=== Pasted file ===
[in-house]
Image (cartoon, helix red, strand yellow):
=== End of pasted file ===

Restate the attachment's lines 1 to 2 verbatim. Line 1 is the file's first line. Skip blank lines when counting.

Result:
[in-house]
Image (cartoon, helix red, strand yellow):